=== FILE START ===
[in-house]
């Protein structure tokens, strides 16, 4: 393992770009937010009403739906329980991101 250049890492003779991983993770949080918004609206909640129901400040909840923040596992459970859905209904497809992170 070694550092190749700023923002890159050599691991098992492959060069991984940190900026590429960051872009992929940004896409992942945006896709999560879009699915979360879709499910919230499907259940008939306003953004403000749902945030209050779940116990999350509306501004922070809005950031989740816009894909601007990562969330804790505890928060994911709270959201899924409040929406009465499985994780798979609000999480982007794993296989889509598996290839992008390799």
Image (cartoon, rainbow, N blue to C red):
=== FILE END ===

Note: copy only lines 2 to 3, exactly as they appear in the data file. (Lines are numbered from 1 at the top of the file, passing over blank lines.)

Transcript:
């Protein structure tokens, strides 16, 4: 393992770009937010009403739906329980991101 250049890492003779991983993770949080918004609206909640129901400040909840923040596992459970859905209904497809992170 070694550092190749700023923002890159050599691991098992492959060069991984940190900026590429960051872009992929940004896409992942945006896709999560879009699915979360879709499910919230499907259940008939306003953004403000749902945030209050779940116990999350509306501004922070809005950031989740816009894909601007990562969330804790505890928060994911709270959201899924409040929406009465499985994780798979609000999480982007794993296989889509598996290839992008390799």
Image (cartoon, rainbow, N blue to C red):